Ten days ago, John Oliver wrapped up his fabulous three-part series on gun control in Australia.
In part one, which aired on April 18, John Oliver asks the former Prime Minister of Australia John Howard whether gun control could possibly work under any circumstances ever. (Answer: there have been no mass shootings in Australia since that country enacted gun control measures in the mid-nineties.)
In part two, which aired on April 23, John Oliver speaks to Australian politicians who voted for gun controlm to see whether they survived the political backlash. (Answer: though a few of them lost their jobs, they are all alive and happy and well.)
And in part three, which aired on April 25, John Oliver explores whether what happened in Australia might possibly inform the debate in the United States. As I said, the series was fabulous, and I strongly recommend you watch it for yourself, but in the meantime, I would like to draw your attention to this third part. Oliver begins his exploration by sitting down with Philip van Cleave (of the Virginia Citizens Defense League):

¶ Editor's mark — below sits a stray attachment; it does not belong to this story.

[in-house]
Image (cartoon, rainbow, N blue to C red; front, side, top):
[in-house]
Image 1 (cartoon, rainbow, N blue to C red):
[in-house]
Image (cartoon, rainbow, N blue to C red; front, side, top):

John Oliver: Are there any lessons for America here? Virginia gun advocate Philip van Cleave has a clear answer.
Van Cleave: We’re not Australia. It’s a very different culture. Different people. Different everything.
JO: Right. There’s no similarity with Australia. Australia is a former British colony, with a wild frontier, that was tamed by brave men, who also wiped out almost an entire indigenous population. And we are [awkward pause for comedic effect] not similar to that. Right?
So given the vast differences between the American and Australian experiences, it would be surprising to find any overlap in the respective countries’ gun debates. And, unsurprisingly, that’s just what Oliver found when he sat down with the Hon. Bob Borbridge (former Premiere of Queensland, Australia):
John Oliver: But it’s pointless for us to study the Australian experience, because their fear of gun control back then has no parallels with ours. Well what kinds of things were you hearing when you suggested gun control?
Bob Borbridge: That the government was becoming a dictatorship.
JO: Alright, that’s one.
BB: We were told people would not have the right to defend their property and their families.
JO: Alright, that’s definitely two.
BB: That democracy is at stake somehow if the government decides there should be a background check.
JO: Yeah, alright, three.
BB: That we’re about to be invaded by the Indonesians.
JO: That’s completely different. No one in America is afraid of Indonesians.
See, it’s like totally different! Proof, then, that the lessons of gun control in Australia could in no way transfer to the eastern side of the Pacific — wait, excuse me, John Oliver, did you just say no one in America is afraid of Indonesians? Must I remind you:
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